A SHORT BESTIARY OF LOVE AND MADNESS, POEMS THAT GIVE VOICE TO THE ANIMAL IN US ALL
In verse and in prose, George Looney’s fifth book of poetry, A Short Bestiary of Love and Madness, delves into the worlds of birds and mammals, fish and insects, looking for ways to describe and maybe even understand the various madnesses that love brings. In the lives of the beasts we find find much hard evidence of loss and despair, but these fables and parables offer, along the way, absolution and, yes, even salvation, of a sort.
“George Looney’s poetry,” novelist and poet Laura Kasischke writes, “resonates at the level of myth and history, evoking a kind of ancient music alongside the details of our contemporary lives the way weather and the human psyche join to make a dream. This is an important and impressive new collection by one of our most interesting poets.” The poems in this collection create a realm where myth and history come together to form a natural world imbued with meaning, one that allows for the possibility of finding, carved in rock, “a figure that could be divine” (as one of the poems puts it).
In this evocative collection, as “Formed of Burning and Song” puts it, readers will witness a passionate language “etching / the elaborate form of longing in the earth.”
|Publisher:||Stephen F. Austin University Press|
|Product dimensions:||5.80(w) x 8.80(h) x 0.40(d)|
About the Author
George Looney’s books include The Precarious Rhetoric of Angels (2005 White Pine Press Poetry Prize), Attendant Ghosts (Cleveland State University Press, 2000), Animals Housed in the Pleasure of Flesh (1995 Bluestem Award), Hymn of Ash (the 2007 Elixir Press Fiction Chapbook Award), a new book of poetry, Open Between Us (Turning Point Press, 2010), and the forthcoming A History of What Music Can Do (Truman State University Press, 2012). His work has earned fellowships from the National Endowment for the Arts, the Ohio Arts Council, and the Pennsylvania Council on the Arts, as well as awards from such literary journals as The Missouri Review, Zone 3, New Letters, and The Literary Review. He is Chair of the BFA in Creative Writing Program at Penn State Erie (a program he founded), Editor-in-Chief of the international literary journal Lake Effect, Translation Editor of Mid-American Review (where he was once Editor-in-Chief), and Co-Director (and Co-Founder) of the Chautauqua Writers’ Festival. He earned his M.F.A. in Creative Writing at Bowling Green State University in Ohio.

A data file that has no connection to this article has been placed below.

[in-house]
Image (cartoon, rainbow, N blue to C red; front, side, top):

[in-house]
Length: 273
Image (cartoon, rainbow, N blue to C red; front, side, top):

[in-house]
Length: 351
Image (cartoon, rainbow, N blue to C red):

Read an Excerpt
“Formed of Burning and Song”
Once the moon was no different
than any other armadillo.
It loved the desert, alive with the commotion
of animals singing and dancing
around fires burning all night that left,
in the morning, circles of black glass.
The moon was always the first to wake,
and when he fell in love
it was only natural, he thought,
to make of the stone formed of burning and song
a gift that would speak of his love.
So he broke off two pieces and polished them
into black teardrops
to hang from his love’s ears.
When she refused them, the moon
rose into the sky, leaving
the black teardrops on the earth,
to burn in reflection, the only way
any charred soul can burn.
Though animals are without language now,
armadillos still dance in circles with abandon
when the moon is full and on fire,
their claws black teardrops etching the elaborate form
of longing in the earth.